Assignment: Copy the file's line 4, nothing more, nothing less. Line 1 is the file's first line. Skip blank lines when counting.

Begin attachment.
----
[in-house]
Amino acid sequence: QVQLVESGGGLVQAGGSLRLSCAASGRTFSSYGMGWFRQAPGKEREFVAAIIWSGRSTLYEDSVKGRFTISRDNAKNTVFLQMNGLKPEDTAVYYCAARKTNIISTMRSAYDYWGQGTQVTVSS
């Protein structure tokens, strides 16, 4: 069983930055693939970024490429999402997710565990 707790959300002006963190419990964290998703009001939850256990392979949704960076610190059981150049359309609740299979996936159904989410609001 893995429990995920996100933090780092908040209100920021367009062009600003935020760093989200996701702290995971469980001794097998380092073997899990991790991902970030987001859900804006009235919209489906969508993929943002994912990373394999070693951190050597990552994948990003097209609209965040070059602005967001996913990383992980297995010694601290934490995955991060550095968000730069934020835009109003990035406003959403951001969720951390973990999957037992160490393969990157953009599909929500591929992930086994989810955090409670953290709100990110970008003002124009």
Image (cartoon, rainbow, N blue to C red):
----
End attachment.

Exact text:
Image (cartoon, rainbow, N blue to C red):